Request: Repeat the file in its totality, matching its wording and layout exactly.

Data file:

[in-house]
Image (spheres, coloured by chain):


[in-house]
Image (spheres, coloured by chain):